Summary of the Argument

“Rarely does a court encounter a more compelling case for en banc review. All three judges on the original panel have called for the reconsideration of United States v. Evans, 699 F.3d 858 (6th Cir. 2012), an unsound decision that will continue to bind three-judge panels of this Court until it is overruled en banc. A recent decision from the D.C. Circuit Court of Appeals has also contradicted Evans, see United States v. Winstead, 890 F.3d 1082, 1090–91 (D.C. Cir. 2018), and the en banc court should at least consider whether to reconcile its jurisprudence with the D.C. Circuit before leaving a split of authority for the Supreme Court to resolve.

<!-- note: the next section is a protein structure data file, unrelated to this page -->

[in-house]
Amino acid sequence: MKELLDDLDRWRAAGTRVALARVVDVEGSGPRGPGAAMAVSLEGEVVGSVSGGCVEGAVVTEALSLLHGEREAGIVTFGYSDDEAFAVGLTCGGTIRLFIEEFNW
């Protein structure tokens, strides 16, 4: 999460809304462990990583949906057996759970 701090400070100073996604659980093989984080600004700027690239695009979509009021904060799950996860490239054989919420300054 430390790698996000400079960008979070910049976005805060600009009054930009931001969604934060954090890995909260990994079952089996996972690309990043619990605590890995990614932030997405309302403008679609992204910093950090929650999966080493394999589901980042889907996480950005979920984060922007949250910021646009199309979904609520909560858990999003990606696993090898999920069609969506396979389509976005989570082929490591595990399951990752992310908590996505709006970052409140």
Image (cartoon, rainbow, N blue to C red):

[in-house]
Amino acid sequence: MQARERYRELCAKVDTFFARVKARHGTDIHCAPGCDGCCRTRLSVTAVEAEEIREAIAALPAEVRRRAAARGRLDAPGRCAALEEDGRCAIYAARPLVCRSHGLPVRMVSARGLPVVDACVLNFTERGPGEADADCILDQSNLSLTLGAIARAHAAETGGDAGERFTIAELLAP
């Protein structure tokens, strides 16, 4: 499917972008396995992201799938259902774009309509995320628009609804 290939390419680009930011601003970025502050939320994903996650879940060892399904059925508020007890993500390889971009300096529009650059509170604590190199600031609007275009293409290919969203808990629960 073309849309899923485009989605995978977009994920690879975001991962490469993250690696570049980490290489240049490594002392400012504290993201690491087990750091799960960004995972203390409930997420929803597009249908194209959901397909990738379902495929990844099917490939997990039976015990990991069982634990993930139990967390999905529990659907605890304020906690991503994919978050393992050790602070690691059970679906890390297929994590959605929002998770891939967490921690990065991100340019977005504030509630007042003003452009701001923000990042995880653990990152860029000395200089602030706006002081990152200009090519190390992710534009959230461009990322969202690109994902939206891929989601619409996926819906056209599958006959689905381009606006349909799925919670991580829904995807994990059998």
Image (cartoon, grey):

But there are even more reasons for taking this case en banc—beyond those that Mr. Havis has already presented in his trenchant and powerful petition. The very idea of an Article III court “deferring” to mere commentary of the U.S. Sentencing Commission presents grave constitutional concerns, and none of these concerns has been considered or discussed in the Supreme Court rulings that established this deference regime. See Stinson v. United States, 508 U.S. 36 (1993); Auer v. Robbins, 519 U.S. 452 (1997). Judge Thapar acknowledged some of these constitutional issues in his concurrence, see slip op. at 16–18 & n.1 (Thapar, J., concurring), but they deserve a full airing before the en banc court. The Court should not only grant rehearing to reconsider Evans, but it should also instruct the parties to brief and argue the constitutional issues described in Judge Thapar’s concurrence.”

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